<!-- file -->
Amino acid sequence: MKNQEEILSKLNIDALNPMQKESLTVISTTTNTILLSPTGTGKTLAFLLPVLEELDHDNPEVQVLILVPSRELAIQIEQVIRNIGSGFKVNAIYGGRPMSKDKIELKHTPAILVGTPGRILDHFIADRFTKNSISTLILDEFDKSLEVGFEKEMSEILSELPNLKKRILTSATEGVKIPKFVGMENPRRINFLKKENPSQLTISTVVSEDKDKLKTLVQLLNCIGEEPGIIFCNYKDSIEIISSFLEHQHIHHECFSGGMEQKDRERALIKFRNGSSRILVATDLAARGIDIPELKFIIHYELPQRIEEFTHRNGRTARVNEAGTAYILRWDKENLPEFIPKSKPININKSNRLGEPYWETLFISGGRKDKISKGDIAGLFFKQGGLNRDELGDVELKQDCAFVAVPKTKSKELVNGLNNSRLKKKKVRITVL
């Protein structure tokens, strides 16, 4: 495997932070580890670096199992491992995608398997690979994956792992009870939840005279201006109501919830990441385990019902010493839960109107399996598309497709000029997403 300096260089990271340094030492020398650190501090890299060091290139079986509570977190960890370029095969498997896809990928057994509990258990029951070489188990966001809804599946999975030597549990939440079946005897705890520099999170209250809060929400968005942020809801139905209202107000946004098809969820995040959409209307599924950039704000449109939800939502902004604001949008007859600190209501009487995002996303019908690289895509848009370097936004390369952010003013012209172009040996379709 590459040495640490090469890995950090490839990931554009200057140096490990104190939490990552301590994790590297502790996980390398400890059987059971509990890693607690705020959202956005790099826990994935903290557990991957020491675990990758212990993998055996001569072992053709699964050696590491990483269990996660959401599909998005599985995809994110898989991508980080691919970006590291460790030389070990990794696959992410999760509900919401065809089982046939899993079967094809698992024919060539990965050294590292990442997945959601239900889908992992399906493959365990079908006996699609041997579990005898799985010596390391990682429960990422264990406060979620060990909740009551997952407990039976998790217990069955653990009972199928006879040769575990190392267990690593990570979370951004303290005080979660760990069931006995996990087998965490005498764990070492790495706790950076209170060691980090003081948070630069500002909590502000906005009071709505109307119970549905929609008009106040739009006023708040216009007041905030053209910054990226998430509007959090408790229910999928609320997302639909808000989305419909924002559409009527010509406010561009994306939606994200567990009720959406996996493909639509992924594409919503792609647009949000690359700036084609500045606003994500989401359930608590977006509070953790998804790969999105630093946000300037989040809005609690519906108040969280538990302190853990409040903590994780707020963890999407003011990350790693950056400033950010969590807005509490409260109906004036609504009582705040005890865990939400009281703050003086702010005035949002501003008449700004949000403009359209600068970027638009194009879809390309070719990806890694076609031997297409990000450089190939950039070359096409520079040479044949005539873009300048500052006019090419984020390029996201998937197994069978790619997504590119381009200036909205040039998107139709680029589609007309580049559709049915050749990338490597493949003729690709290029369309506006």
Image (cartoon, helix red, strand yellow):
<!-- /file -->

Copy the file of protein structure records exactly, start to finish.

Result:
Amino acid sequence: MKNQEEILSKLNIDALNPMQKESLTVISTTTNTILLSPTGTGKTLAFLLPVLEELDHDNPEVQVLILVPSRELAIQIEQVIRNIGSGFKVNAIYGGRPMSKDKIELKHTPAILVGTPGRILDHFIADRFTKNSISTLILDEFDKSLEVGFEKEMSEILSELPNLKKRILTSATEGVKIPKFVGMENPRRINFLKKENPSQLTISTVVSEDKDKLKTLVQLLNCIGEEPGIIFCNYKDSIEIISSFLEHQHIHHECFSGGMEQKDRERALIKFRNGSSRILVATDLAARGIDIPELKFIIHYELPQRIEEFTHRNGRTARVNEAGTAYILRWDKENLPEFIPKSKPININKSNRLGEPYWETLFISGGRKDKISKGDIAGLFFKQGGLNRDELGDVELKQDCAFVAVPKTKSKELVNGLNNSRLKKKKVRITVL
């Protein structure tokens, strides 16, 4: 495997932070580890670096199992491992995608398997690979994956792992009870939840005279201006109501919830990441385990019902010493839960109107399996598309497709000029997403 300096260089990271340094030492020398650190501090890299060091290139079986509570977190960890370029095969498997896809990928057994509990258990029951070489188990966001809804599946999975030597549990939440079946005897705890520099999170209250809060929400968005942020809801139905209202107000946004098809969820995040959409209307599924950039704000449109939800939502902004604001949008007859600190209501009487995002996303019908690289895509848009370097936004390369952010003013012209172009040996379709 590459040495640490090469890995950090490839990931554009200057140096490990104190939490990552301590994790590297502790996980390398400890059987059971509990890693607690705020959202956005790099826990994935903290557990991957020491675990990758212990993998055996001569072992053709699964050696590491990483269990996660959401599909998005599985995809994110898989991508980080691919970006590291460790030389070990990794696959992410999760509900919401065809089982046939899993079967094809698992024919060539990965050294590292990442997945959601239900889908992992399906493959365990079908006996699609041997579990005898799985010596390391990682429960990422264990406060979620060990909740009551997952407990039976998790217990069955653990009972199928006879040769575990190392267990690593990570979370951004303290005080979660760990069931006995996990087998965490005498764990070492790495706790950076209170060691980090003081948070630069500002909590502000906005009071709505109307119970549905929609008009106040739009006023708040216009007041905030053209910054990226998430509007959090408790229910999928609320997302639909808000989305419909924002559409009527010509406010561009994306939606994200567990009720959406996996493909639509992924594409919503792609647009949000690359700036084609500045606003994500989401359930608590977006509070953790998804790969999105630093946000300037989040809005609690519906108040969280538990302190853990409040903590994780707020963890999407003011990350790693950056400033950010969590807005509490409260109906004036609504009582705040005890865990939400009281703050003086702010005035949002501003008449700004949000403009359209600068970027638009194009879809390309070719990806890694076609031997297409990000450089190939950039070359096409520079040479044949005539873009300048500052006019090419984020390029996201998937197994069978790619997504590119381009200036909205040039998107139709680029589609007309580049559709049915050749990338490597493949003729690709290029369309506006």
Image (cartoon, helix red, strand yellow):